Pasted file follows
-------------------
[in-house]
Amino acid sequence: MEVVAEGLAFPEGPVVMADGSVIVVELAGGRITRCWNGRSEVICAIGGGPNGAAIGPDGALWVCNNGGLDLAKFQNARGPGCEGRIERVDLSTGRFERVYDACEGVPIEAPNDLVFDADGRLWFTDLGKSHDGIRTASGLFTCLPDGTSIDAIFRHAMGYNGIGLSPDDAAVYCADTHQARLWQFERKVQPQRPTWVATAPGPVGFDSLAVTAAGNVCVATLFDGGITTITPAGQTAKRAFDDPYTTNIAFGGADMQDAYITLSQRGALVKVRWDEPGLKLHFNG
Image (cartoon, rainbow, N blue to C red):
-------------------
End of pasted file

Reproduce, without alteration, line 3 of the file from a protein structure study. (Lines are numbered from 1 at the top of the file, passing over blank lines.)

Image (cartoon, rainbow, N blue to C red):